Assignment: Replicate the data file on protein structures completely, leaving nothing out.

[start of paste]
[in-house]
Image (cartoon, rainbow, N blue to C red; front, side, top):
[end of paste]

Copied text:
[in-house]
Image (cartoon, rainbow, N blue to C red; front, side, top):